My next big adventure was at Tuckup Canyon where we had a double layover planned. Some of the group were going on an overnight hike to see the "Shamans Panel" pictograph site (we had the proper backcountry camping permit) while 3 of us were going to search for another pictograph site called "Hades". I have seen pictures of the site, and it appears to be very similar to "Shamans Panel". I had been told that it was "below the trail that runs along the top of the east arm of Tuckup canyon in the area of Hades Knob." Tom Martins "Day Hikes from the River" tells how to get up out of the west arm so that you can then hike back down to the east arm. We did that, and searched but did not find it. In the "search for Hades" picture 1, my son Ryan and friend Scott are shown on top near the east arm, with the view looking back up the west arm toward where Shamans Panel is. "Search for Hades" picture 2 shows two of the caves that I explored during our search. The Hades pictographs are supposed to be on the roof of a cave. I hope to find the right cave this year, as I believe I didn't get far enough down the east arm.
The rest of the trip went great...all had good runs at Lava...Tequila beach was very "Tequily"..(that is a word).
We stopped to scout "Killer Fang" rapid, as most had not been below Diamond before. My son Ryan was rowing another boaters 14' Cat as he wanted the oar time, and the boatman had a kayak with him that he wanted to play in. Ryan is a 6'5" 270# very buff fireman, who had very minimal oar time, so I carefully showed him the run..explaining that all you needed to do was get left as soon as possible and then float past those "Fangs". I went first and waited in the eddy on river left just past the fangs, then watched the next 2 boats do fine. Ryan then floated into my view. He had been rowing the cat for most of the last 2 days, and had been depending on his strength and the cats "quickness" to get out of trouble. I see him float down the tongue and then turn the boat and take a huge stroke on the oars, and then just drop the oars and keep floating right down the tongue towards the fangs. I'm screaming to him to "PULL! PULL!" which of course he can't hear...and I watch in horror as my youngest son floats on his cat right into and on top of the "KILLER FANGS"!! Scott (another fireman) who is riding with me has the throw rope ready as I see the cat shuddering on top of the fangs. Ryan jumps off the boat away from the fangs and Scott throws him a perfect strike (the firemen at their station practice throwing a throw rope into a 5 gallon can at 50 feet once a week...loser buys coffee) and pulls him up to our boat. When he had jumped off it changed the balance of the cat so that it slid off the fangs without flipping. As I try to decide whether to kiss him or swear at him...he looks at me and says "the right oar broke off at the oarlock in my first stroke!" This was a brand new carbon fiber top quality oar.....So...I just commented...."maybe a little more finesse and a little less muscle.."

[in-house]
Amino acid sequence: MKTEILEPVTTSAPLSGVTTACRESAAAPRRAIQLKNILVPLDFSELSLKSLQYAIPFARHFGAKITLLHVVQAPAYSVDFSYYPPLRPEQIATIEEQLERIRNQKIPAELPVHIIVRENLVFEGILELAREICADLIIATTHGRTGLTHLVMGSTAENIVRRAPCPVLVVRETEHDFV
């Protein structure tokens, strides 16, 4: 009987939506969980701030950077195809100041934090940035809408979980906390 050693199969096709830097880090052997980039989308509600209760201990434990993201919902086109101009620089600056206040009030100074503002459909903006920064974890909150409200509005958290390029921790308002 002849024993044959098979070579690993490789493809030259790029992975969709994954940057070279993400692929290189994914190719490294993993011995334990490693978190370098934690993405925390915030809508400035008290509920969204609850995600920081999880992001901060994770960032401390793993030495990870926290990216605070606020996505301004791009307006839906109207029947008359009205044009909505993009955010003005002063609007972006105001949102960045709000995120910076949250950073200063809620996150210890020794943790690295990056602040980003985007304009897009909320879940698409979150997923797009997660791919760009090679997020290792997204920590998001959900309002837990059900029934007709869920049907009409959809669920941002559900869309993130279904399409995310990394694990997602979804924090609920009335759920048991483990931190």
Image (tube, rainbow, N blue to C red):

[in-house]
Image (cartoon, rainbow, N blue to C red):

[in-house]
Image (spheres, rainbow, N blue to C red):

The rest of the trip was pretty normal...great camp at Surprise Canyon. Really neat hike up the creek. See picture 6 (couldn't resist). Yup, if you see my walking stick, hat, glasses and shorts on the shore....I'll probably be cavorting in water sans clothes (and yes...a 64 year old guy can cavort!)
Stopped at Colombine falls where some of us had a great shower, and then camped on river right just before Pearce.
Sorry this is so long...to find the pictures go to photos on the GCPBA website, and then click photo albums, then click on sort by last modified, and you will see 2 albums by ronsun25...2-24-10 launch, and Mystic Eye.
Hope to meet some of you on the river.
Ron Sundberg, Olympia,WA